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Report From Fairbanks: Life at 50 Below Is Not a Pretty Picture

February 05, 1989|Andy Williams | Andy Williams, editorial-page editor for the Fairbanks Daily News-Miner, has lived in Fairbanks since 1976

FAIRBANKS, ALASKA — Most people think hell is hot. If they had spent the last three weeks in Fairbanks, they would think differently.

For most of the winter, Fairbanks is a nice little town. Nestled in a river valley in the heart of Alaska's interior, it is sheltered from the winds that make the cold in this part of the country seem much colder.

Daylight diminishes to less than four hours at the end of December, but accelerates during most of January and February at six or seven minutes a day. By the middle of February, with more than eight hours of daylight, the sun has safely returned. The crisp blue sky, the shadowed spruce forests, the snow and the air can make an outing at 10 below seem like heaven.

But for a few weeks most every winter, a misery comes to town.

Thirty below is about the limit at which humans can function without experiencing major difficulties. Above 30 below, accommodations can be made. Below it, things start breaking down. Oil companies on the North Slope shut down most of their machinery at 35 below, and in Fairbanks, an ugly phenomenon occurs.

Ice fog is the name given to the haze that develops when ice crystals form around particles from auto exhaust, chimney smoke and other pollutants. An inversion clamps onto Fairbanks when the weather is cold, locking pollutants under a layer of warmer air; 500 feet up, the air is clear and the temperature may be 20 degrees warmer, but at the surface the particles congeal into an impenetrable mass. As the temperature goes down, the ice fog gets worse.

At 50 below, Fairbanks is a city under siege. Abandoned automobiles litter shrouded streets. An occasional pedestrian passes through a tunnel of fog along Second Avenue, the "Two Street" of pipeline days, hunched over and grimacing in a thick parka. The only other signs of life are a couple of ravens digging at a garbage bag in the back of a pickup truck.

People who live in Fairbanks--more than 50,000 in the immediate area--know what to expect. The lowest temperature ever recorded was 66 below in 1934. Until the last 10 years, stretches of 50 below occurred most every winter. Cars have circulating heaters and battery warmers and, if properly attended, will usually start. Houses are designed with circulating water outlets and insulated pipes. The utilities are usually reliable. People dress warmly.

In the past 10 years, however, temperatures have been getting progressively warmer. Fairbanks hadn't seen 30 below in the last three years. People who accepted the "greenhouse effect" half expected they had seen the last of the misery.

They were wrong. On Jan. 17, a zone of high pressure that had been forming over Siberia moved in and temperatures started falling. For the next six days, lows ranged close to 50 below and never rose above 40 below. The seventh day brought a respite as a storm from the Gulf of Alaska nudged in enough to raise the temperature to a balmy 34 below. The next day, it was back down to minus 48. The cold peaked at 52 below on Jan. 29 before the high-pressure zone began to spin south toward Canada and the rest of the United States.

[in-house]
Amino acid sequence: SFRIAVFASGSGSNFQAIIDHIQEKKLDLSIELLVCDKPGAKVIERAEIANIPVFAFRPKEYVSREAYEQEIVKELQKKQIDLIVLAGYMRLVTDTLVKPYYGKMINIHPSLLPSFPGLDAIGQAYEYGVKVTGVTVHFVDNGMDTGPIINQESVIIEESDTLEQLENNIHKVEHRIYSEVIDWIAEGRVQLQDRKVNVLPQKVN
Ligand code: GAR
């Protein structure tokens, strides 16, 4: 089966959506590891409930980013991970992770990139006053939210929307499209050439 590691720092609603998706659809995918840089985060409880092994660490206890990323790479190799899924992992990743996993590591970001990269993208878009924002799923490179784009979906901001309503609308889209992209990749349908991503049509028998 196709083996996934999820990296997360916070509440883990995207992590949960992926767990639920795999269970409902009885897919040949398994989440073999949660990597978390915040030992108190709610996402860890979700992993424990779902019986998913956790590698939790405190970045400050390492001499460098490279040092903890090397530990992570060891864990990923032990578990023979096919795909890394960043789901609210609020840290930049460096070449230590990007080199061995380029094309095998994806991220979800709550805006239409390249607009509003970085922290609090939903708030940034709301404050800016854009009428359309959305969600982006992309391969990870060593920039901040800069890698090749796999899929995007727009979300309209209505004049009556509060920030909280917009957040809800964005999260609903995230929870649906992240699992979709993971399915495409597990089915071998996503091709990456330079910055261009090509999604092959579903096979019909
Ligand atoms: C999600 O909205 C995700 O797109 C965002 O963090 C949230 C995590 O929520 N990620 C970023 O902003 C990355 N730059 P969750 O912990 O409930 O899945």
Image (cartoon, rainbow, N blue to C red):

The cold was deadly. A Canadian C-130 crashed at Fort Wainwright last Sunday when the weather was at its coldest, killing eight soldiers arriving for a military exercise. Ice fog had lowered visibility at the runway to a reported 800 feet.

Elsewhere, some families bailed out of their homes when heating systems failed and moved in with friends. Cars died by the hundreds. School was canceled for two days and most government workers got some time off. Plumbers, mechanics and fuel-oil distributors kept busy.

A teen-ager who walked to a friend's house in a pair of worn-out sneakers at 30 below was hospitalized with frostbite. She had refused to wear a pair of boots her mother had recommended because they weren't "cool."

In general, people took the cold in stride. A community draws closer together at 50 below and a sense of sharing prevails. Two weeks of ice fog bring a numbing weariness of mind, but the psychotic episodes of cabin fever usually come later when spring is in the air.

Fairbanks got off easy. In what was described as the coldest weather system to reach Alaska in memory, the lowest official recording was 76 below at Tanana, about 125 miles west of Fairbanks. An unofficial 82 below was recorded at Coldfoot, about 250 miles north. The U.S. Weather Service recognizes 80 below as the lowest temperature ever recorded in Alaska, on Jan. 23, 1971, at Prospect Creek near Coldfoot on the pipeline.

The colder communities also accommodated the subzero siege. Many ran low on food and fuel as air service stopped, but schools served as community shelters and a state of emergency declared by the governor proved unnecessary. Most of the villages are Indian or Eskimo and are well-adapted to cold weather.

By Wednesday, the worst was over. Lingering ice fog remained, but the sun was rapidly burning it off. People began to appear on the streets, retrieving frozen cars. The noon temperature was 29 below and rising. The misery was over for another year; the world seemed warm and secure.

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